# Why doesn't Unity use properties from C# scripts instead of fields?

There is plenty of popular opinion in the world surrounding the language and when developers should use a field or a property. The general consensus is that fields should remain private to a class, and, it's what I've been doing for more than a decade now.

With that, a lot of younger developers, with much less experience in the language, may not even know that fields and properties are related since modern really has no need for backing fields in 60% or more of use cases. Instead we have the auto-properties that juniors are used to seeing:

public int MyInteger { get; set; }


Most of them do not yet have the knowledge that this is actually syntactical sugar, and that the backing fields are automatically created at compile time, effectively reducing the amount of code you have to write (cough cough, copy and paste):

private int _myInteger;
public int MyInteger {
get { return _myInteger; }
set { _myInteger = value; }
}


Even seeing expression bodied methods in the getter and setter is an infrequent occurrence in modern code. With that, after the many, many years that Unity has been on the market, we still don't have natural support for using properties in the inspector for our scripts. Excluding the following work arounds, which both use field serialization:

// Pre C# 7.3 support:
[SerializeField] private int _myInteger;
public int MyInteger { get => _myInteger; set => _myInteger = value; }

// Post C# 7.3 support:
[field: SerializeField] public int MyInteger { get; set; }


Both work arounds utilize field serialization to get the exposure in the inspector for our scripts.

After all these years, what is the reason that Unity does not support using properties in the inspector instead of fields? I suspect it has something to do with one, if not more of the following:

• Existing asset support.
• Language support barriers (perhaps fields are easier to support?).
• Effort/Payoff (perhaps too much effort, for too little payoff?).
• Maybe because those properties are internalliy compiled as Getter/Setter methods (stackoverflow.com/questions/23102639/…) Unity hasn't made any support for them. The only point (or one of the main points) of having exposed fields in the inspector is so the user can inject it with dependencies or data, hence for serializing data only. What would happen if inside the get{}/set{} bodies the user adds more functionality that has, for example, run-time dependencies? that is just one example that it comes to my mind. Jul 12 at 0:10
• "Both work arounds utilize field serialization to get the exposure in the inspector for our scripts." The Unity inspector is serialization-based. It literally walks through the serialized fields of the object one by one. So, this is as "native" a level of support as we'd expect to see here. A variable that is not serialized would have no place for the inspector to store its value to be saved in the asset or scene file. So I'm not sure what kind of non-serialization solution you have in mind. Jul 12 at 1:59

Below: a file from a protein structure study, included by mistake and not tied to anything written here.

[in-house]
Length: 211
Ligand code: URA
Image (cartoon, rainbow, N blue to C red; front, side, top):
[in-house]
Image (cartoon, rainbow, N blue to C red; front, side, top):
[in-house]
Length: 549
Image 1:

1. As LifGwaethrakindo noted, properties can have side effects. Imagine we had this property on a character:
[SerializeProperty]
public int HP {
get => hp;
set {
hp = value;
if (value == 0) GameObject.Destroy(this);
}
}


The setter logic makes sense during gameplay, but not in the Editor. The default value for HP would be 0. If we forget to assign a new value in the inspector, the HP will stay at 0. The next time the scene/prefab is deserialized in the Editor, the character will be destroyed immediately (and we'll get a warning about how we should use DestroyImmediate() when destroying objects in the Editor from code while the game isn't running).

Such a problem could be avoided like this:

[SerializeProperty]
public int HP {
get => hp;
set {
hp = value;
if (Application.isPlaying && value == 0) GameObject.Destroy(this);
}
}


but it would be very easy to forget the Application.isPlaying condition and encounter totally bizarre behavior. Such issues would look like Editor bugs and would cause the Unity QA team to be inundated with bug reports.

The engine could theoretically bypass the setter logic and only set the value of the underlying variable, but then what would happen in a case like this?

private int hp;
private int maxHP;

[SerializeProperty]
public int MaxHP {
get => maxHP;
set {
maxHP = value;
hp = value;
}
}


When we deserialized, hp would not get set and would remain at 0.

1. If we could serialize both fields and properties, there would be the potential for situations like this:
[SerializeField] private int someValue = 50;

[SerializeProperty]
public int SomeValue {
get => someValue;
set => someValue = value * 2;
}


What happens when we deserialize this? If the property is deserialized first, the value won't change, but if the field is deserialized first, the value will double each time.

This can be resolved by only allowing serialization of properties, and not of fields, but that would be a massive breaking change that would destroy compatibility with every game made with any prior version of Unity. Imagine upgrading a large game to the newest version of Unity and then having to go through every single serialized field in every component script and replace them with serialized properties that don't have unexpected side effects.